Caching plugins tend to be complicated and easy to misconfigure. This is another reason why we prefer WP Rocket. It’s really easy to configure, and it is set up in order to get great results in no time.
3. Uncompressed Assets with no Delay Features
These same assets can also be combined, delayed, and deferred in order to improve performance further. These issues can be a bit harder to troubleshoot, but this is where tools like GTmetrix come in handy.
GTmetrix has a waterfall chart that can show you all assets that are being loaded by your website. Without compression and delay, you will see more and bigger CSS and JS files being loaded.
A word of caution: enabling compression and delay settings can sometimes break certain sections and features of your website. Make sure that you are testing them thoroughly each step of the way.
4. Inefficient Themes and Plugins
Inefficient WordPress themes can include a lot of scripts, bloated assets, and bad programming practices, which can significantly impact web performance. We recommend working with themes that are primarily fast and efficient (like Hello Elementor, GeneratePress, and Astra).
While tools like WP Rocket can help alleviate issues caused by bad themes, it’s easier to avoid these entirely by using fast themes when building new projects.
Avoiding unnecessary plugins is another great idea when focusing on performance and troubleshooting slow sites. Installing a lot of plugins can slow down a website significantly.
While there is no hard and fast rule when it comes to the number of plugins you should use, we recommend not using any more than you have to. Not all plugins are created equally, and some are definitely better than others. When we work with clients looking to improve their website performance, we try to eliminate as many unnecessary plugins as possible.
How We Use WP Rocket to Achieve >90% Scores
Nobody enjoys using a slow website. Especially not on their mobile devices.
After you identify performance issues experienced by your clients’ websites, you can resolve them using WP Rocket and score over 90% on mobile.
What This Means for Your Clients and for Your Agency
We recently helped a client improve performance from 54% to 97% on mobile just by installing and configuring WP Rocket:
We have seen performance improve conversions, SEO, and visitor satisfaction for our client websites. In fact, according to research, over half of the visitors will abandon a website that takes longer than 3s to load.
Google has also indicated that fast load speed is a ranking factor, meaning that if your website is faster than the competition, it will rank higher on the Google search.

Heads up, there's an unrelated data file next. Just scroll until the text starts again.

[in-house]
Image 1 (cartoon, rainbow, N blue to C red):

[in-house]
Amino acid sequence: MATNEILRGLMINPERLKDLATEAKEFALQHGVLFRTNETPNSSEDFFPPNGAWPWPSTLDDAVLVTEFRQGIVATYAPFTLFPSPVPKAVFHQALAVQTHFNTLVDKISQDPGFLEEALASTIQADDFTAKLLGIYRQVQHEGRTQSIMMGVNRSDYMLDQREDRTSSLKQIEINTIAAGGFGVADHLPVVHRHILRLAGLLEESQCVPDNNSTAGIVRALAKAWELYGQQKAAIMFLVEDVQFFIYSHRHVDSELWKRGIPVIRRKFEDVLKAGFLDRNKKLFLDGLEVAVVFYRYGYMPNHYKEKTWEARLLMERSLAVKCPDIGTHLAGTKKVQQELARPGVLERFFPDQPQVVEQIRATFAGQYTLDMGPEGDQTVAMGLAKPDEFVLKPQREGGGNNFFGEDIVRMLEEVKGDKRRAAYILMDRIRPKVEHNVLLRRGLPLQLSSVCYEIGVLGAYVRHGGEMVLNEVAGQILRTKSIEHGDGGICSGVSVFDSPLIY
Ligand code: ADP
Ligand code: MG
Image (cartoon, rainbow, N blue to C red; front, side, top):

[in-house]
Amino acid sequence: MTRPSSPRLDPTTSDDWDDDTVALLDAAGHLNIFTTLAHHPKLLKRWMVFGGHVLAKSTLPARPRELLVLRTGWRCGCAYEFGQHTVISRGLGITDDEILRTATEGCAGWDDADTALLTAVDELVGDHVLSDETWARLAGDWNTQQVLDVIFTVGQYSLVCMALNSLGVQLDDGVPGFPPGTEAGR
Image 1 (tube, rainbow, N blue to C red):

In another example, we used WP Rocket to improve mobile performance from 24% to over 90% and help them pass Core Web Vitals (see screenshot below). Shortly after performance issues were resolved and Google Search Console slowness errors cleared, we saw their SEO traffic jump by 55%.
As an agency, we use the WP Rocket Infinite plan and install WP Rocket on all of our client websites in order to improve performance. We use this as a benefit of using our agency over others which may force you to purchase your own premium plugins.
Our clients enjoy the benefits of having access to some of the best plugins in the market (such as Imagify and WP Rocket). WP Rocket also makes it super easy to manage sites in their platform and remove them if necessary. All the websites using your license will show up in your account, and you can easily remove or even ban sites where you no longer want to use your license.
In the next section, we go through the common WP Rocket features we use on WordPress websites to improve performance and score over 90% on mobile.
1. Cache Settings
We always turn on “Enable caching for mobile devices” in the WP Rocket Cache section. Since Google judges the speed performance based on how your website performs on mobile devices, this setting is a must.
We prioritize performance improvements for mobile devices because they are harder to achieve. If you achieve great results on mobile devices, you will also experience great performance on desktop devices since they are a bit more forgiving (due to faster home internet and desktop speeds).
The “Cache Lifespan” setting is also something that we typically increase in order to improve performance. The default is 10 hours, meaning that every 10 hours, the website cache will be completely deleted.
This is unnecessary, and we usually increase this setting since the updated pages will automatically be regenerated and preloaded by WP Rocket.
2. File Optimization Settings
The File Optimization section is one of the most important and impressive sections of WP Rocket. But with great power comes great responsibility.
We recommend that you enable these settings one by one and test thoroughly in Chrome Incognito with browser caching turned off to make sure that your website doesn’t break. If it does break, you can revert or troubleshoot the particular setting.
Turning on the “Minify CSS files” feature will remove all spaces and unnecessary characters from your website’s CSS files and make those assets quicker to load. We usually turn on this setting.
We usually leave combining CSS and JS files off because most of our sites are hosted on servers that support HTTP2, and it can be more efficient to load the files separately instead of combined.